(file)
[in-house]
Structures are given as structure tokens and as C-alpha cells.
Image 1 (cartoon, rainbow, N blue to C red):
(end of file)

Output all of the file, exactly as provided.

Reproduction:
[in-house]
Structures are given as structure tokens and as C-alpha cells.
Image 1 (cartoon, rainbow, N blue to C red):